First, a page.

darts and laurels
Laurels to the Rev. Eric Henly and the former ARISE program for weathering a state investigation that found no criminal wrongdoing. The state auditor’s office raised questions last year about the East Spencer youth mentoring program and how it used funds from a state grant. The auditor’s most damaging finding may have been the lack of documentation for $23,000 in payments to Henley. Henley said the payments were to repay him and his wife for funds they’d spent out of their own pockets. This week’s decision by prosecutors not to file charges against Henly does not necessarily mean he did everything in accordance with state guidelines, but so far he seems to have complied with the law. This case highlights the need for better state supervision and guidance for agencies receiving grant funds, something that supposedly is now being taken care of. Too bad that didn’t happen sooner. The state could have spared well-intentioned people a great deal of embarrassment.
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Dart to the Federal Emergency Management Agency for taking so long to do something about dangerously high levels of formaldehyde in the trailers thousands of Gulf Coast residents have been living in for more than two years. Finally, this week, FEMA said it will rush to find other living arrangements for the people living in about 35,000 government-issued trailers. Poor people. First they lost their homes in Hurricane Katrina; now they learn they have been inhaling fumes that can cause breathing problems and even cancer. Of course, the reason they are still living in trailers is because they have nowhere else to go. FEMA faces a big challenge finding more temporary quarters for them. Unfortunately, the trailers themselves were not meant to be used as long as they have been. Part of Katrina’s legacy is a change in the definition of “temporary.”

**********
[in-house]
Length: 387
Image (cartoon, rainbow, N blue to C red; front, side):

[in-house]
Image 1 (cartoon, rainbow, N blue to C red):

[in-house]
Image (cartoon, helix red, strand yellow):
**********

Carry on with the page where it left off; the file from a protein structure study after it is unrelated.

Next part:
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Laurel to Miss North Carolina Jessica Jacobs for focusing on literacy. Countless programs and authorities tout the importance of reading, but a woman wearing a crown might get more attention than most. And Jacobs is doing more than talking. She’s giving out free books with the help of a nonprofit organization, has founded the “Read to Me” program in Davidson and Randolph counties and hopes to take it statewide. She’s preaching to the choir when she talks to groups like Salisbury Academy students and the Salisbury Civitan Club, but they may know someone with the financial wherewithal to spur “Read to Me” along. Miss North Carolina could have chosen any worthy cause to tout during her reign. Jacobs has chosen a good one.